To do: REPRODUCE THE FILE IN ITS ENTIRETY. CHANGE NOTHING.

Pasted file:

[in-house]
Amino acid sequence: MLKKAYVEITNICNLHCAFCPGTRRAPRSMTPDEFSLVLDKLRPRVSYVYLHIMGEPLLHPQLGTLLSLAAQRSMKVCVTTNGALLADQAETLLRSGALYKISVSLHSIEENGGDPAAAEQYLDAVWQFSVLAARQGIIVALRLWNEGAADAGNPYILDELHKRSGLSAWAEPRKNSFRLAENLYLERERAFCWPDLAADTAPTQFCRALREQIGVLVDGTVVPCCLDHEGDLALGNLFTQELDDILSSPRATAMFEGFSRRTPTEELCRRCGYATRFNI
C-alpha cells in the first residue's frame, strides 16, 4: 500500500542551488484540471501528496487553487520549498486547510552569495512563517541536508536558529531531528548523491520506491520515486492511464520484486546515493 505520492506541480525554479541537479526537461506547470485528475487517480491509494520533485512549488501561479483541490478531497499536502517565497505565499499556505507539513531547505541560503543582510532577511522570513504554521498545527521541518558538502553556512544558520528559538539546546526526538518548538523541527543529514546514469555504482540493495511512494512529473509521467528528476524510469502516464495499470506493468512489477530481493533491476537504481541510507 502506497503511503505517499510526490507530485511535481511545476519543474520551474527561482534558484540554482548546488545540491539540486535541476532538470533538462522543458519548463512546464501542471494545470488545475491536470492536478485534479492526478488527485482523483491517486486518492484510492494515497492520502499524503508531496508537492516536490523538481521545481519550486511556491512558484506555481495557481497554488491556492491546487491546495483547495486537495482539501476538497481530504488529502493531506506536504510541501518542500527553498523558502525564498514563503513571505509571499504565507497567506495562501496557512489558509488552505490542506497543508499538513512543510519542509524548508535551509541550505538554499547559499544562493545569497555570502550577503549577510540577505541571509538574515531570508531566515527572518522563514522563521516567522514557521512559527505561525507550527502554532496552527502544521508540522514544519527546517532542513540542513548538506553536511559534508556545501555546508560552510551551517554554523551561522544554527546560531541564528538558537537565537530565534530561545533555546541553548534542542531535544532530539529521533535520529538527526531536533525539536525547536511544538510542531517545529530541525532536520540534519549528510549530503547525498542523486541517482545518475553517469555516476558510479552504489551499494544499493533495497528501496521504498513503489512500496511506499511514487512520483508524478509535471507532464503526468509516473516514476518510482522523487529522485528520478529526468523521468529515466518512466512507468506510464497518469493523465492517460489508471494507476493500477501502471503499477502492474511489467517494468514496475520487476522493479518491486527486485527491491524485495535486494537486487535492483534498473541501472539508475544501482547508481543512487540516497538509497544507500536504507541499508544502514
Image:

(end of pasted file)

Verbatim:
[in-house]
Amino acid sequence: MLKKAYVEITNICNLHCAFCPGTRRAPRSMTPDEFSLVLDKLRPRVSYVYLHIMGEPLLHPQLGTLLSLAAQRSMKVCVTTNGALLADQAETLLRSGALYKISVSLHSIEENGGDPAAAEQYLDAVWQFSVLAARQGIIVALRLWNEGAADAGNPYILDELHKRSGLSAWAEPRKNSFRLAENLYLERERAFCWPDLAADTAPTQFCRALREQIGVLVDGTVVPCCLDHEGDLALGNLFTQELDDILSSPRATAMFEGFSRRTPTEELCRRCGYATRFNI
C-alpha cells in the first residue's frame, strides 16, 4: 500500500542551488484540471501528496487553487520549498486547510552569495512563517541536508536558529531531528548523491520506491520515486492511464520484486546515493 505520492506541480525554479541537479526537461506547470485528475487517480491509494520533485512549488501561479483541490478531497499536502517565497505565499499556505507539513531547505541560503543582510532577511522570513504554521498545527521541518558538502553556512544558520528559538539546546526526538518548538523541527543529514546514469555504482540493495511512494512529473509521467528528476524510469502516464495499470506493468512489477530481493533491476537504481541510507 502506497503511503505517499510526490507530485511535481511545476519543474520551474527561482534558484540554482548546488545540491539540486535541476532538470533538462522543458519548463512546464501542471494545470488545475491536470492536478485534479492526478488527485482523483491517486486518492484510492494515497492520502499524503508531496508537492516536490523538481521545481519550486511556491512558484506555481495557481497554488491556492491546487491546495483547495486537495482539501476538497481530504488529502493531506506536504510541501518542500527553498523558502525564498514563503513571505509571499504565507497567506495562501496557512489558509488552505490542506497543508499538513512543510519542509524548508535551509541550505538554499547559499544562493545569497555570502550577503549577510540577505541571509538574515531570508531566515527572518522563514522563521516567522514557521512559527505561525507550527502554532496552527502544521508540522514544519527546517532542513540542513548538506553536511559534508556545501555546508560552510551551517554554523551561522544554527546560531541564528538558537537565537530565534530561545533555546541553548534542542531535544532530539529521533535520529538527526531536533525539536525547536511544538510542531517545529530541525532536520540534519549528510549530503547525498542523486541517482545518475553517469555516476558510479552504489551499494544499493533495497528501496521504498513503489512500496511506499511514487512520483508524478509535471507532464503526468509516473516514476518510482522523487529522485528520478529526468523521468529515466518512466512507468506510464497518469493523465492517460489508471494507476493500477501502471503499477502492474511489467517494468514496475520487476522493479518491486527486485527491491524485495535486494537486487535492483534498473541501472539508475544501482547508481543512487540516497538509497544507500536504507541499508544502514
Image: